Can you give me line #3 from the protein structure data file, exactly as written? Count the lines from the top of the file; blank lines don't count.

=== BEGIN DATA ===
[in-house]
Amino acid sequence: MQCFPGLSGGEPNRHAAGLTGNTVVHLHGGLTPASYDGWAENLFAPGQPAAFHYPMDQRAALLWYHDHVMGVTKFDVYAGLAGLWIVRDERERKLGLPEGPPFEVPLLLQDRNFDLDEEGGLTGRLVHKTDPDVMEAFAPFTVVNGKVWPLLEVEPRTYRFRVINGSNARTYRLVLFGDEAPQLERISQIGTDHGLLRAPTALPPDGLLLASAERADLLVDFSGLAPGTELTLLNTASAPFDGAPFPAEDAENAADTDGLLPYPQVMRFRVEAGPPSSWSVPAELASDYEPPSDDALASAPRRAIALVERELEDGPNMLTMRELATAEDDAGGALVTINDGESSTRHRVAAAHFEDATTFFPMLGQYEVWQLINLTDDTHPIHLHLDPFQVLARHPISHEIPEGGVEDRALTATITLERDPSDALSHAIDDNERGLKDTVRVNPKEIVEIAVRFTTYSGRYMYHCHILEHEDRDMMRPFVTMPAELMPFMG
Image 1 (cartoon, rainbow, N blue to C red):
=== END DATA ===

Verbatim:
Image 1 (cartoon, rainbow, N blue to C red):